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Thank you, HubSpot

Today, Boston-based HubSpot became a public company trading as “HUBS” on the New York Stock Exchange. A lot has been written about its economics, growth and potential as a public company. But I think the enduring legacy of HubSpot, even overshadowing its impressive financial performance, is the central role it has played in educating a new generation of marketers.

In 2008, I became the CMO of Eloqua. Shortly after starting my new job, I read Inbound Marketing, a book written by HubSpot founders Brian Halligan and Dharmesh Shah. Actually, I devoured it in a single night. It shook up everything that I knew as a marketer. It changed my thinking so much that I got copies of Inbound Marketing for every member of my team. (That was actually pretty easy as HubSpot was then located in the same Cambridge, Massachusetts building and the team was more than happy to give me free books). My marketing team read it and we all discussed its ideas together.

You see, I was a traditional marketer practicing what Brian and Dharmesh like to call “interruption” marketing. Each year, I saw the effectiveness of the traditional marketing playbook erode as spam filters, ad blockers and caller ID empowered the consumer with new and better control over interruptions from marketers. Buying lists, blasting emails and cold-calling were no longer effective. A new playbook was needed, and inbound was it.

The core idea of inbound marketing is to create a steady stream of valuable, relevant content. When you publish content that your audience really cares about, you naturally attract inbound traffic that can eventually convert into paying customers. It is never about shilling for your product. It’s about relevant, valuable content.

At the heart of Eloqua’s growth strategy was the application of inbound marketing with an emphasis on SEO, blogging, video, ebooks, infographics, and social media. I hired the irrepressible Joe Chernov to run content and we built our audience. (Note: HubSpot hired Joe shortly after Oracle bought Eloqua and Joe now runs its content programs).  With inbound marketing fueling its growth, Eloqua had a pretty good run. Eloqua went public in 2012 and was bought by Oracle for nearly a billion dollars last year. Thank you, HubSpot.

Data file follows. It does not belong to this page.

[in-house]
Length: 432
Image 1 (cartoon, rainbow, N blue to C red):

When most companies have their IPOs, it’s a private celebration amongst founders, employees, investors, bankers and lawyers. But the debut of HUBS needs to be a more public celebration. The HubSpot IPO represents the idea that one company, with a powerful set of ideas, can change behavior. Thousand of marketers around the world have transformed into modern marketers by embracing the principles of inbound.

I, too, am grateful for how the inbound movement (yes, it feels like a movement) has changed me as a marketer. Even today, HubSpot continues to educate and inspire me with its content. And I’m not alone. Its blog gets more than 1.5 million monthly visits and its annual INBOUND conference attracted more than 10,000 attendees last month.

There has been a lot of talk about the “Unicorn Club” recently. The Unicorn Club consists of the forty or so software companies started since 2003 and valued at over $1 billion. For the record, that’s about .07 percent of venture-backed software startups.

With its IPO this week, HubSpot will almost certainly enter the exclusive Unicorn Club – a rare accomplishment indeed. But what HubSpot has done is even more impressive. It set out to build a great company AND change the practice of marketing. Taken separately, each of these goals would be nearly impossible. It is both stunning and inspiring that HubSpot has succeeded at both of these goals.

On behalf of marketers everywhere, thank you, HubSpot.

   Image Credit(s):                Steve Garfield                    

Written by

Brian Kardon
October 9, 2014